Robert Bradford, Utah Valley University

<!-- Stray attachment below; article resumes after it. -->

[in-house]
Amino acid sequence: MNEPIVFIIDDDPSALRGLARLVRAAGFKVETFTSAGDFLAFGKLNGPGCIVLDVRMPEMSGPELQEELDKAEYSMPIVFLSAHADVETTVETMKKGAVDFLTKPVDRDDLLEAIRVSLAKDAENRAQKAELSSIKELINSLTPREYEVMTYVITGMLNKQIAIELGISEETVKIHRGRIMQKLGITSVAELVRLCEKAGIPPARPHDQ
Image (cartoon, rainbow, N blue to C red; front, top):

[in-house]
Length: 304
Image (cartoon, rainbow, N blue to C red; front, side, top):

Most organisms exhibit latitudinal gradients in diversity (i.e., taxonomic richness decreases as latitude increases). Few studies have sought latitudinal gradients in lichens, especially in the midlatitudes. Our primary questions were: 1) do lichens along the west coast of the United States show latitudinal gradients? 2) If so, what is the rate of change and does the level of taxonomic richness affect this rate? We hypothesized that lichens would show a reverse latitudinal gradient in the region, as has been documented for lichens elsewhere in the northern hemisphere, but at a considerably smaller scale. This study fills in the gap in our understanding of lichen latitudinal gradients over large areas of North America. It also functions as a baseline for future climate change and conservation efforts. Our study area is bound at the south by the California-Mexico border (32.331° N) and at the north by the Washington-Canada border (47.178° N), and extends inland from the coastline to the crest of the Sierra Nevada Mountains (116.083° W, at its eastern -most point). We divided the region into 218 roughly equal-area (cite) grid cells using GIS, each bordered with latitudinal and longitudinal lines. We derived a list of all vouchered lichen specimens in each grid cell using Consortium of North American Lichen Herbaria, an online database. The data were synonymized, and species, generic, and familial richness were calculated for each grid cell. We found no correlation (R2 = 0.2306) between latitude and species richness, using the raw vouchered data. What we did find was a strong correlation (R2=0.9069) between sample density and species richness. These results are biased by sample density and do not reflect what is naturally occurring. We hypothesize that we can get an unbiased estimate of richness with MaxEnt models. Using the georeferenced lichen distributions and related climate data, we constructed species distribution models of all species with five or more occurrences (990 species). In GIS, we projected all 990 distribution models and our 218 grid cells together to calculate species richness for each cell at various thresholds (i.e. likelihood of occurrence at 10%, 20%, 30%, etc.).